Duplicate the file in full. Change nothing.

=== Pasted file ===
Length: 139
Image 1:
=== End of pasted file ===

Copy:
Length: 139
Image 1: